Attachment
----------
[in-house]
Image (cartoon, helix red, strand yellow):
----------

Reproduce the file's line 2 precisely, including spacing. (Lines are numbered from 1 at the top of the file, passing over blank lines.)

Image (cartoon, helix red, strand yellow):